Combined with Hubble, it creates our longest-baseline view.
“It used to be that Pluto was a misfit. Now it turns out that Earth is the misfit. Most planets in the solar system look like Pluto, and not like the terrestrial planets.” –Alan Stern
NASA’s New Horizons flew by Pluto in July 2015, but continued to coast deeper into the Kuiper belt, away from the Sun.
Back here in low-Earth orbit, the Hubble space telescope imaged the exact same KBO simultaneously, creating the longest-baseline parallax observations ever made.
In April of 2016, New Horizons made its closest approach to this object at just 66 million miles, taking a much longer and more complex series of images.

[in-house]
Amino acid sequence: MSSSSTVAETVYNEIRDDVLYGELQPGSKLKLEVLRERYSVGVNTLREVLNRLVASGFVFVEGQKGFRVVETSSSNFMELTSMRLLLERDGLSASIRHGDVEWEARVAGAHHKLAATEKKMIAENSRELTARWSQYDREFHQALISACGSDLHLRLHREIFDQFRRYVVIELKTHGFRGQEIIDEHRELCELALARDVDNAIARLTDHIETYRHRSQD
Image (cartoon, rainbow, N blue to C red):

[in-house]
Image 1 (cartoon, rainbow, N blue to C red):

An incredible amount of science was learned, including:
- it rotates rapidly, with a period of just 5.5 hours,
- it has no moons,
- and is small and heavily cratered, with long evening and morning shadows.
The most exciting find was to completely determine this new Kuiper belt object’s orbit: a 3-to-2 resonance with Neptune, much like Pluto.
But unlike Pluto, it never dips interior to Neptune’s orbit, making this Neptune-centered simulated view of the Solar System possible.
New Horizons seeks to extend its mission beyond this year, closely flying-by another KBO and characterizing dozens more.
Mostly Mute Monday tells the story of a single astronomical phenomenon or object primarily in visuals, with no more than 200 words of text.